Rhins of Galloway
The most southerly of all Scotland’s sea lochs, Loch Ryan sits on the border between Galloway and South Ayrshire. As it cuts inland from the Atlantic Ocean, it helps to form the peninsula known as the Rhins of Galloway, and also acts as an important natural harbour that has long been important for the shipping and fishing industries. The south side of the loch is home to Stranraer – a small town known for its ferry ports that connect Scotland with Ireland.
Loch Ryan itself is a haven for wildlife, with a mosaic of habitats knitted together to create an area that supports a wide range of species. The loch is about 8 miles long and 3 miles wide, making it large enough to offer many points of interest along its shores. There is a functioning lighthouse on the northern shore and on a clear day there can be great views out towards the island of Ailsa Craig. The loch provides several beaches and bays from which walks can be had, as well as forested areas further inland. Wildlife can be spotted in both these regions and Loch Ryan is therefore a perfect destination for visitors looking to find some of Scotland’s native species.
One of the more charismatic species to be found around Loch Ryan is also an animal that is incredible popular throughout Scotland. The Red Squirrel is the United Kingdom’s only native squirrel species and can be found in both coniferous and deciduous woodland. It is less active in winter, opting to ride out periods of colder weather by constructing nests out of twigs, known as dreys. In the spring and summer, however, Red Squirrels are often seen out and about, leaping between trees or gathering nuts. This is generally their preferred food but they will also feed on seeds, berries and young shoots.
The Red Squirrel has suffered in recent years throughout the British Isles, and is now absent in many parts. The reason for their decline is primarily the introduction of the Grey Squirrel from North America. This species is larger and more dominant than the Red Squirrel and spreads a disease called squirrelpox. This can often be fatal for the reds, while the greys are not affected by it. Despite this, Scotland remains a stronghold for the species and is one of the best places to see them in the UK. Various conservation activities are in place to ensure its survival and the area surrounding Loch Ryan can be a great place to see the species. Top tip for spotting Red Squirrels at Loch Ryan: choose a walk that passes through quiet regions of pine forest.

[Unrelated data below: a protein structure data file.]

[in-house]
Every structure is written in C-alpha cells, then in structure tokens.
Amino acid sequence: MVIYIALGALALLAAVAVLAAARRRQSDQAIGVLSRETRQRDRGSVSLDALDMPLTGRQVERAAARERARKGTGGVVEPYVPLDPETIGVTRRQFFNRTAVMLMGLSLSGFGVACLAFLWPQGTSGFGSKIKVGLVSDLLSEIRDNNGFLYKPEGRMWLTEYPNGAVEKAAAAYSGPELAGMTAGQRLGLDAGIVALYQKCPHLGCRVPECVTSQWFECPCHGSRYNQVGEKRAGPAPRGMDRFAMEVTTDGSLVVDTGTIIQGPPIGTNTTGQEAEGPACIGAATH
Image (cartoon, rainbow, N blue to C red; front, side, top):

Along with its squirrels, Loch Ryan is one of the best places in Scotland for birdwatching. Many rare species can be found here throughout the seasons, along with some of the country’s more common sights. The region is home to nationally important populations of some bird species such as Eider Ducks. These birds congregate on the loch towards the end of summer, sometimes appearing in flocks of over 1,000 birds. The best place to see the Eider Ducks on the loch is Wig Bay – a popular site among birdwatchers where there will also be chances to see cormorants, shelducks and ringed plovers.
Further north on Loch Ryan, the coastal landscape rises up to form tall cliffs near Lady Bay. These areas are great for spotting breeding fulmars during the summer season, along with other species of seabird such as razorbills. Gannets can be seen fishing out over the loch and the scrubby areas surrounding the cliffs are popular among Stonechats. The beach at Lady Bay can also be good for finding life among the rockpools at low tide. Creatures to look out for include starfish, sea anemones, crabs and small fish. A huge diversity of other species visit Loch Ryan and depending on your luck there will sometimes be opportunities to sea seals, porpoises and even Minke Whales. Few places can boast such a variety of habitats and wildlife in one area, and this makes Loch Ryan a fantastic place to visit.